When I first read Gastronaut's account of his fabulous dinner at Red Star, I was filled with fascination, and curiosity to try the dishes he enjoyed. My friend Andrew must have felt the same, because he met up with the restaurant owner and their master chef to arrange a similar dinner which will turn out to be the best meal of this year. Granted, we are only in our first month, but I doubt that anything else will top this experience. My only regret was that I forgot to bring a camera, so all I have to share are the images from my mobile phone. I posted the pictures on Instagram as I took them, and the "likes" came in fast and furious. Enjoy!
The restaurant is huge, and the decor largely unchanged since it was opened decades ago. No black plastic chandeliers or artfully lit mirrors, but lots of carved murals, rosewood fixtures and, for our dinner, they brought out their special gold serving ware that are embellished with carved dragons and phoenixes. Sharks fin made a nomimal appearance as Osmanthus Fin, I remember eating this when I was very little. You take a bit of the scrambled egg mixture topped with fin and wrap it in a crunchy cos lettuce leaf. Fun and delicious.
I loved these. Crab meat, liver and pork. It's like a super-deluxe scotch egg, minus the egg white. We had some magnificient wines to go along with our food, and this was just perfect to accompany them.
A river carp, complete with dorsal fin and whiskers (one missing because I clumsily swept it aside). So artfully composed we didn't want to eat it, and when we did, we realised that there was no fish inside., instead there were strips of ham, slices of roast ducks, chunks of chickens and slivers of mushroom.
This was the most stunning dish of the evening. A whole chicken, deboned, gutted, and stuffed with bird's nest, then double boiled. A dish to excite the most jaded palate.
Served in two parts. The first bowl with quail egg to bind the bird's nest.I had two because husband doesn't like bird's nest. In a way, I am glad I have the Instagram filter, it really shows the mood and opulence.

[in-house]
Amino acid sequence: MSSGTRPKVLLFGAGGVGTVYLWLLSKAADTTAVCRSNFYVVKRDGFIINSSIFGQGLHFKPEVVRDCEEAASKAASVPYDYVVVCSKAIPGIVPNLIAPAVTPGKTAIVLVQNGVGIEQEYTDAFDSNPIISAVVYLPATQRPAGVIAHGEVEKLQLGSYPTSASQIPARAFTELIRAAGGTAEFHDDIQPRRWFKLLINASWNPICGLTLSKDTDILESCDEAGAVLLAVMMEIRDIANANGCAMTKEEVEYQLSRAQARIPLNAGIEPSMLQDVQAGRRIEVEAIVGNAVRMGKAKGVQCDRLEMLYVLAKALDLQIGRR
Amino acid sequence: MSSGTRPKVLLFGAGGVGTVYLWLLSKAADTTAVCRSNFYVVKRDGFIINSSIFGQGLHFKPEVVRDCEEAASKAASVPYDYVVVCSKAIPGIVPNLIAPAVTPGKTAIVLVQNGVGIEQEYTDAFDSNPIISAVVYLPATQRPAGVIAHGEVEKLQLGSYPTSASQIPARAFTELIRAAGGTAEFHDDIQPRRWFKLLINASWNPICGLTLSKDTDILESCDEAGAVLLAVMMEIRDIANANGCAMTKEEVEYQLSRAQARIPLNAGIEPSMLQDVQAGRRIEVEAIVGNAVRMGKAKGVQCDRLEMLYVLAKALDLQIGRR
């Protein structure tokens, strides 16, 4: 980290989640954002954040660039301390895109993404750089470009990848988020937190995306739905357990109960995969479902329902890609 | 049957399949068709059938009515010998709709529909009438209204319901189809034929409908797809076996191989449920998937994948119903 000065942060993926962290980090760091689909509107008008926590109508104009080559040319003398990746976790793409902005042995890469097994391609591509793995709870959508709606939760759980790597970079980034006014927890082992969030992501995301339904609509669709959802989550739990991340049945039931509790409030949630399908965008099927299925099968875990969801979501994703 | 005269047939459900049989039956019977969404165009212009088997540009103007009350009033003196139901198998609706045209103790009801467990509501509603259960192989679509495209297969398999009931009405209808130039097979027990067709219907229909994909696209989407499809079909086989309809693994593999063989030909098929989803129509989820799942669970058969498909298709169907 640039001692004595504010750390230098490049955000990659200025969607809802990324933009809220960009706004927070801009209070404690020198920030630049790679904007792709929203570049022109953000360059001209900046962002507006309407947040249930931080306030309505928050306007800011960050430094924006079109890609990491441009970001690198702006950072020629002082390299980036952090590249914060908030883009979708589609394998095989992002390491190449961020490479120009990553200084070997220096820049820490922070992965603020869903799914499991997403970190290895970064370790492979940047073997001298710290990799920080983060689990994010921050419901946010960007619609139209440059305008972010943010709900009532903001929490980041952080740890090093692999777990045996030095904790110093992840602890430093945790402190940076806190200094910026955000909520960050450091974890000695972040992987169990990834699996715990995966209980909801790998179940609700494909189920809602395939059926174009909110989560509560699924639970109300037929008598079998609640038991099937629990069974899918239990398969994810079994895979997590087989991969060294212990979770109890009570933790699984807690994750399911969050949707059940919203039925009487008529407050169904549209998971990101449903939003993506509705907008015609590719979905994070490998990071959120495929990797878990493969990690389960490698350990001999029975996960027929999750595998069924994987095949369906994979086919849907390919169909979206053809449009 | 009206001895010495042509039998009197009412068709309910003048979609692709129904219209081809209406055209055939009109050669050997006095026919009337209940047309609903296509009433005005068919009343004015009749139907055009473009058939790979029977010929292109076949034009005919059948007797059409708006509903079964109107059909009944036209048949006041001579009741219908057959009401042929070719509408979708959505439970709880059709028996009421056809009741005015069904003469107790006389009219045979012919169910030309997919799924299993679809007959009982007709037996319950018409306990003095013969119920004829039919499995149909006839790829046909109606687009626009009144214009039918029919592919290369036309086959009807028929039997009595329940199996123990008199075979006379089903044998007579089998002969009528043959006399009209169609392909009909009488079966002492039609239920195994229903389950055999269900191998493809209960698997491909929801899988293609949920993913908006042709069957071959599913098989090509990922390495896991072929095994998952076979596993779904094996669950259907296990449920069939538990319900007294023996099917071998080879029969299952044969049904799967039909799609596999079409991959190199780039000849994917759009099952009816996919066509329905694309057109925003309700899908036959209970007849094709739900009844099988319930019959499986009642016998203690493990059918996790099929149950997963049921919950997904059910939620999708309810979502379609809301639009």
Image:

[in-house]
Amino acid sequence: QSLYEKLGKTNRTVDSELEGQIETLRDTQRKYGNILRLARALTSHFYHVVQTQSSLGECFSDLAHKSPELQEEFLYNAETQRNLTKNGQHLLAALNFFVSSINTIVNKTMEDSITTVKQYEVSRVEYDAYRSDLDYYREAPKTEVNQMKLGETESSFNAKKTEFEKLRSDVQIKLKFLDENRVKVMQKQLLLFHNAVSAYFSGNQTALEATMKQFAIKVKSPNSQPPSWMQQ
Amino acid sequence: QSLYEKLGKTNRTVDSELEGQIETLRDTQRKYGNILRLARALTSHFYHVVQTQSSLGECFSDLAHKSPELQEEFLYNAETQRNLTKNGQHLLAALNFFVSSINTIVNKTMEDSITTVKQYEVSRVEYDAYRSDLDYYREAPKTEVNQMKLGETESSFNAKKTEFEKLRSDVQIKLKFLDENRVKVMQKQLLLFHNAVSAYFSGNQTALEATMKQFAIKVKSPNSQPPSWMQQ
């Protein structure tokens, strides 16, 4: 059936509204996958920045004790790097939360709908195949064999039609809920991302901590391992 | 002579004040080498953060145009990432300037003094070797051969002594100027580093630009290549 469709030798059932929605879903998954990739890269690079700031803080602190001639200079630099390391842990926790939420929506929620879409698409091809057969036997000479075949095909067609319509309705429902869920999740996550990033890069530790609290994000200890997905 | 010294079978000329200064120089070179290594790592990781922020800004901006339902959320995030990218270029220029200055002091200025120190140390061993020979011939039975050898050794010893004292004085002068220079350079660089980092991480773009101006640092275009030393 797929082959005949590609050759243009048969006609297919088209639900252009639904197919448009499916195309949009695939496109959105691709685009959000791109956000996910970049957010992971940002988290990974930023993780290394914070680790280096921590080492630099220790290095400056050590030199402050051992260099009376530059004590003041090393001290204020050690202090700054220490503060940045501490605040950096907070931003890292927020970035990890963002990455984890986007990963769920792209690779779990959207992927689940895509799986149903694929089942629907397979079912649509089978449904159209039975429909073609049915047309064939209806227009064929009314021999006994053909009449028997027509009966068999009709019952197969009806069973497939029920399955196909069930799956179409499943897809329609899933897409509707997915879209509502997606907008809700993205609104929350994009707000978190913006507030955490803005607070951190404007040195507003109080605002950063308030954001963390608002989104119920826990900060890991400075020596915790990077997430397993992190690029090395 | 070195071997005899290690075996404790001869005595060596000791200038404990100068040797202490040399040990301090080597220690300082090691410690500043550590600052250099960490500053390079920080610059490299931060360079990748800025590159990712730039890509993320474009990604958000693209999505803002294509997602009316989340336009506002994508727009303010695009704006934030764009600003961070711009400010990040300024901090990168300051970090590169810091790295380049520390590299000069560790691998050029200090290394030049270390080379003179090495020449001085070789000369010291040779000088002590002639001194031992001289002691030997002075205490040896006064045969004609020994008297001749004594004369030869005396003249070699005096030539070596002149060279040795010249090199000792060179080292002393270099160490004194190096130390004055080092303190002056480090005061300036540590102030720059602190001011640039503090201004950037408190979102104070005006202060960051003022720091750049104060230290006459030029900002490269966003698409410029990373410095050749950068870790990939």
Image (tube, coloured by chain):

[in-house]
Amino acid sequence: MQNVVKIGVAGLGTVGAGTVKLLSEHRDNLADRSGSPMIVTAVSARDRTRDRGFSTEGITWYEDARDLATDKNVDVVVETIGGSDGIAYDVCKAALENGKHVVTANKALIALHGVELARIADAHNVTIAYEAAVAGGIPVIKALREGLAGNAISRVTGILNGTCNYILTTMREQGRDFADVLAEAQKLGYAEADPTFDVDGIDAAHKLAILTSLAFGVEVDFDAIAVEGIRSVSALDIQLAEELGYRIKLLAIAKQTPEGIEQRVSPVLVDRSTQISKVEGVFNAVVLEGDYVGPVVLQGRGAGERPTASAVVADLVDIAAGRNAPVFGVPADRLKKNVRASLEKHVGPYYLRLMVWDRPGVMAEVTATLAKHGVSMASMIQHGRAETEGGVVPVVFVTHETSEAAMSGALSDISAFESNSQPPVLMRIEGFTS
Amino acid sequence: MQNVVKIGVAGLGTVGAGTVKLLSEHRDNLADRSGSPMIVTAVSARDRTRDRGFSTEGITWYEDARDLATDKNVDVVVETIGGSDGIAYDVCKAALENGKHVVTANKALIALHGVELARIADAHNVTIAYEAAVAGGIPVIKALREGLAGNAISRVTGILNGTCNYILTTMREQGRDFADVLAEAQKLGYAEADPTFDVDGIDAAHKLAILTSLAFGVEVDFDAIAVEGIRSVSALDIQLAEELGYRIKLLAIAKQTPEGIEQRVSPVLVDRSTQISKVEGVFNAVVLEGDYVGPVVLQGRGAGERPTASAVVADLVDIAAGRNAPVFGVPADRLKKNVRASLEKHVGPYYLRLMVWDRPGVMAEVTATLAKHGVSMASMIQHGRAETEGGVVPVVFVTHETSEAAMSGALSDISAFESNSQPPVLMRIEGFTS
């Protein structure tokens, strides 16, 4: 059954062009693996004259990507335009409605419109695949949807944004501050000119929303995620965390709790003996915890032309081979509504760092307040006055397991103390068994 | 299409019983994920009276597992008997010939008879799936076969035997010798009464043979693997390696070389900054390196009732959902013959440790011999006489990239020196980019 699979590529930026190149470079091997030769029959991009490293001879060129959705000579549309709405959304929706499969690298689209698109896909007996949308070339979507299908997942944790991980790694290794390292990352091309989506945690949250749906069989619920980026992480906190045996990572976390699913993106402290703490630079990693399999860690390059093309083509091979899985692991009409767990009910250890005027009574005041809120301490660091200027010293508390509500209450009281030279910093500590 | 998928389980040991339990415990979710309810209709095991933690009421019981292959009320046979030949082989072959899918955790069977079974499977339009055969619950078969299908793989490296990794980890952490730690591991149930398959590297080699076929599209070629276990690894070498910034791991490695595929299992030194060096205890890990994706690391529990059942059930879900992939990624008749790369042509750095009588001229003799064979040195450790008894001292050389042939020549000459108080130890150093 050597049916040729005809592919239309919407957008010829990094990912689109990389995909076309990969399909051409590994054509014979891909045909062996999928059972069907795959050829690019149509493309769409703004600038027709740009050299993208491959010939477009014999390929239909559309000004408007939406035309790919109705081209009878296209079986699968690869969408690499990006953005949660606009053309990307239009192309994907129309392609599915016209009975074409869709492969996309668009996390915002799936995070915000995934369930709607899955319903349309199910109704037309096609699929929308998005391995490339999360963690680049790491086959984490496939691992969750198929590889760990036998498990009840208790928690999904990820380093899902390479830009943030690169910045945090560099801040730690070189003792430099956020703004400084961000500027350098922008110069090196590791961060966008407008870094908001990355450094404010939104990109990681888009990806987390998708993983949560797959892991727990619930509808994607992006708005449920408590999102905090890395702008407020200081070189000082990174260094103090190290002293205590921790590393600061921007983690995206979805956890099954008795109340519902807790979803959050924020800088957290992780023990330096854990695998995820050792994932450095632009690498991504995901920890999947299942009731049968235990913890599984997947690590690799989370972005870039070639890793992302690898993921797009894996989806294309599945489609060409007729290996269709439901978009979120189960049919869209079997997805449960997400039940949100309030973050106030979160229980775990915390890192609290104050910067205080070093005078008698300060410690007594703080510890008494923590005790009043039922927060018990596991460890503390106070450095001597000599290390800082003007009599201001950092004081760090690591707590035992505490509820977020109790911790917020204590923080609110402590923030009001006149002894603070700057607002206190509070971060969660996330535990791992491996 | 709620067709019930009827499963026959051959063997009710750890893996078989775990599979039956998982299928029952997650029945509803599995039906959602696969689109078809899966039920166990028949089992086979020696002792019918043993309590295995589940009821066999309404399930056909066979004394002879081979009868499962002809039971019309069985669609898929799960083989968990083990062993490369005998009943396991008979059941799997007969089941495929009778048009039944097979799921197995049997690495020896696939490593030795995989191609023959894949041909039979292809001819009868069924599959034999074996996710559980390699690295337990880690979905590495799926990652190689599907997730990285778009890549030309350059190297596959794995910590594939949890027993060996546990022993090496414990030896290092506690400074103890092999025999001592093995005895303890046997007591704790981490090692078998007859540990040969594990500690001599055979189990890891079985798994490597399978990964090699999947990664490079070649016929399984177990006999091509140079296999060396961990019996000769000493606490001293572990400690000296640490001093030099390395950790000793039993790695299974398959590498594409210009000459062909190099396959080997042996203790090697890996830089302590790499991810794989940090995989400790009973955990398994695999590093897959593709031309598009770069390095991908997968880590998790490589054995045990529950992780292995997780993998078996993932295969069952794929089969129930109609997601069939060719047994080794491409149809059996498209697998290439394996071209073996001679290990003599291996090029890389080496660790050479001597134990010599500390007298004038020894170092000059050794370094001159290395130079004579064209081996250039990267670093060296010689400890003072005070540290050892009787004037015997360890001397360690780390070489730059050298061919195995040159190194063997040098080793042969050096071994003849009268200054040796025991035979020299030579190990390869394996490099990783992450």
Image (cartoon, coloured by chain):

Another double helping of bird's nest. The broth was light and clean, pairing elegantly with the tender bird's nest. Truly luxurious, and probably much nicer than having a shot of Botox.
Most of us only know bird's nest cooked into a sweet soup, but someone at our table reminisced that when she was a little girl, this dish would be served at very special occasions, like her grandfather's birthday banquet.
Another favourite at the table. A whole duck deboned and stuffed with glutinous rice and then deep-fried. The rice was meltingly rich with hints of dried shrimps and a beguiling, mellow sweetness from the duck juices.
There was also a 2kg soon hock fish, and this- braised, stuffed sea cucumbers. Husband loves sea cucumbers, so I gave him my portion. He said it was very delicious. The final course of fish- braised beehoon was very good too.
So I didn't think I could manage desserts, but this was what was rolled out on a trolley. Water chestnut ingots and a kueh straight from my home economics textbook- ondeh ondeh.
I loved the ondeh-ondeh so much I ate two pieces. The kueh had more sweet potato than flour, unlike so many commercial versions which inverses the ratio so much it has conditioned consumers to think that that is the norm. One bite and the warm gula melaka syrup oozes out for a satisfying sweet treat.
Most of the recipes are multi-stepped and labour intensive, not really feasible in today's restaurants' high wage/labour crunch environment. Only a few people know how to cook these, or are willing to. . Much as I am wary of romanticzising the past, regretfully, we will not have much chance to repeat the experience. Today most Chinese restaurants seem to think it's okay to fob off customers with (mostly synthetic) truffle oil and foie gras of dubious provenance and call them luxury dishes. A bit sad really. What we had was more heartfelt, a glimpse of the delicious past and a rare treat. I will remember it always.